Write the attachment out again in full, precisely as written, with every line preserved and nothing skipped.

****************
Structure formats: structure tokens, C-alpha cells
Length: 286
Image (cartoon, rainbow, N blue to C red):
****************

Structure formats: structure tokens, C-alpha cells
Length: 286
Image (cartoon, rainbow, N blue to C red):